: characteristic of, relating to, or suggestive of a wonk: such as
: preoccupied with arcane details or procedures in a specialized field
She can get wonky about the economy when she wants to, but what sets her apart is her ability to tell a coherent, populist story about it in a way that other members of her party are either unwilling or unable to do.—Rebecca Traister
Other scenes, like ones of a faux-jungle landscape replete with potted tropical plants, shared the kind of wonky perceptual gimcrackery that marked many of his other pictures.—Chris Wiley, The New Yorker, 8 Feb. 2024 Cheesy fonts, wonky formatting, basic printer paper, a slightly messier look: Some menus look as if they were created by a design-school freshman.—Priya Krishna, New York Times, 23 Jan. 2024 Behind both surges in mortgage borrowing is the crucial but wonky explanation of monetary policy: both eras saw high inflation, huge hikes in interest rates from the Federal Reserve, and a housing industry taking it on the chin.—Alena Botros, Fortune, 8 Jan. 2024 Unlike other classic donut travel pillows, this one has an adjustable clasp for chin support and straps that attach to an airplane seat, to help keep your head in place (translation: no uncomfortable slouching or waking up in a wonky position).—Kristine Thomason, Travel + Leisure, 20 Dec. 2023 Johnson is the latest celebrity to get a wonky wax figure of themselves.—Alexandra Del Rosario, Los Angeles Times, 23 Oct. 2023 Lemon Juice: Aside from our perennial recommendation to use fresh juice, the only thing to note here is that the measurements are a touch wonky.—Jason O'Bryan, Robb Report, 22 Aug. 2023 Amabel did not invent the wonky genre of game-as-argument.—Matthew Hutson, The New Yorker, 21 Dec. 2023 Curmudgeonly teacher with a wonky eye has to take care of students at a prep school over Christmas break and has a special relationship with one of them.—Bilge Ebiri, Vulture, 8 Dec. 2023 See More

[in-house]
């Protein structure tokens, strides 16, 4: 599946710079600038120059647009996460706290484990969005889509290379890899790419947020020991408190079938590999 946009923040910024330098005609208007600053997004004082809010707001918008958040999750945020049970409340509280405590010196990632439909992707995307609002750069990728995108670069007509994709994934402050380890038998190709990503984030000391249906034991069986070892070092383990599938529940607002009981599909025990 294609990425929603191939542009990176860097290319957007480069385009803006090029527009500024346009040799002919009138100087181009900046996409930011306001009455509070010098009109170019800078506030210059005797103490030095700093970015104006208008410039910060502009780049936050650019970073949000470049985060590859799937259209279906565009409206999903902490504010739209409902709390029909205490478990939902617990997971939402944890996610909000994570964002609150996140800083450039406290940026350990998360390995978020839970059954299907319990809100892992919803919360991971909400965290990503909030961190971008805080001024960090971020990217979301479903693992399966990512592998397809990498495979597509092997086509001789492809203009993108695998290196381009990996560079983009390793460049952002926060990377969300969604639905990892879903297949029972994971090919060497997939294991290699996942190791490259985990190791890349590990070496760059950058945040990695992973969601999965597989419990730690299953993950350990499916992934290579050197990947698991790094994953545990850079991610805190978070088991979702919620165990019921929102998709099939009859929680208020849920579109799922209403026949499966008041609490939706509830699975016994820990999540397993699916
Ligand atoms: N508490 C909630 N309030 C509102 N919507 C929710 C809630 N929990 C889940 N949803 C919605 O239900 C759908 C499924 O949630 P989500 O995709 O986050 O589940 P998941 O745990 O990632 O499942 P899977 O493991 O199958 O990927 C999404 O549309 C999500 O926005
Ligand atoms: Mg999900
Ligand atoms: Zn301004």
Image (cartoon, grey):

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probably alteration of English dialect wankle, from Middle English wankel, from Old English wancol; akin to Old High German wankōn to totter — more at wench